Prayers, Fundraising at CSULB Garden


Students join in a moment of silence for victims of the March 11 earthquake and tsunami in northern Japan. (MARIO G. REYES/Rafu Shimpo)




LONG BEACH — Last Sunday afternoon, approximately 600 people gathered for a fundraising event held at the Earl Burns Miller Japanese Garden at California State University, Long Beach (CSULB).

Long Beach Mayor Bob Foster presents 1,000 cranes to Consul General Junicihi Ihara during a ceremony held on Sunday at the Earl Burns Japanese Garden at Cal State Long Beach. (MARIO G. REYES/Rafu Shimpo)

The Long Beach community members came in solidarity to remember the victims and to help the survivors of the devastating earthquake and tsunami that hit Japan on March 11.

The event, entitled “Japanese Disaster Relief Project,” was sponsored by local groups tha have affiliations with Japan: the Long Beach Japanese Cultural Center (LBJCC), the Long Beach-Yokkaichi Sister City Association, a non-profit organization called Interval House, the Earl Burns Miller Japanese Garden at CSULB, and City of Long Beach.

The ceremony was held just before sunset. Participants lit candles and prayed for Japan while Kokoro Taiko drummed and Yuzan Shirai and Yoko Awaya played the shakuhachi and koto, respectively.

According to Ole Nervik, LBJCC president, it was the center’s first time to outreach to the public and become a part of such an event. Afterwards, Nervik noticed that an envelope in the donation box included a card and $1,000 cash. It was from anonymous donor; the card simply said, “Pray for Japan … from a Vietnamese Family.”

The event raised a total of $14,595. The donations will go to the U.S.-Japan Council Earthquake Relief Fund, which will be assisting directly with medical and rescue efforts.

Michael Vaughn, president of the sister-city association, stated that his group’s relief efforts started with a phone call immediately after the earthquake. The group met at the LBJCC for the first time and shared common thoughts, concerns and willingness to support Japan.

The Japanese garden serves as a serene backdrop for a moment of silence. (MARIO G. REYES/Rafu Shimpo)

Long Beach Mayor Bob Foster asked for donations, saying, “The earthquake, tsunami and nuclear disaster are overwhelming for the people in Japan. We urge you to be generous to the people who absolutely need help and resources.”

One thousand paper cranes folded by the CSULB Nikkei Student Union and local high school students were presented by Foster to Consul General of Japan Junichi Ihara. In his response, Ihara noted that current death toll is 11,000 people and 16,000 are still missing.

“We are so grateful for all your support, and I really appreciate all of you coming today to express your solidarity,” he said.

Former Long Beach Mayor Eunice Sato urged the participants to dig deep. She recalled that she spent eight years in Japan, three of them as a volunteer missionary, and taught students in 1948.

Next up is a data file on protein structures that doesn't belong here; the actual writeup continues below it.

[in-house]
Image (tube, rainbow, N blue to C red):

Sato emphasized the difference between sympathy and empathy: “Sympathy is just feeling sorry for someone. You should be sensitive to those who suffer, and that is empathy. You feel the hurt. We should sacrifice weeks of groceries to help people who are really hurting.”

Eunice Sato, former mayor of Long Beach, speaks with Ihara. (MARIO G. REYES/Rafu Shimpo)

One of the participants, CSULB alumnus Ravi Wadhwani from New Jersey, spent two years in Japan.

“I am seeking a volunteer opportunity to help the relief efforts in Japan,” Wadhwani told The Rafu Shimpo. “I speak Japanese, Spanish, Portuguese, Hindi, Marathi, and Sindhi. I hoped I could be the liaison for the international teams and Japanese groups or help in some other capacity. I posted my thoughts on Facebook, but I have not heard anything from anybody. If I do not hear anything by April 2, I will go to Japan by myself.”

The Interval House is an Orange County-based non-profit organization that was founded in 1979 to provide crisis intervention and assistance to victims and individuals at risk among immigrant communities that have language barriers. Mai Nakasone, who works for Interval House, prepared donation boxes that can be placed at restaurants and businesses.

Nakasone said, “I could not help doing something for Japan after watching the devastated scenes on media. We still have boxes available.”

If anyone is interested in placing the five-inch boxes, call (562) 754-8226 or e-mail [email protected].




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  2. Ravi Wadhwani on

    I did go for two months and volunteered in the Sendai area and Ishinomaki, and learned that it is a completely different concept in Japan. To volunteer was to work hard while taking care of all your personal needs, including food, water, and other supplies yourself, swallowing any rudeness or insults quietly. Just giving, as much as you could, day and night. The need was and is great!, I wish I could go back and do more. -Ravi

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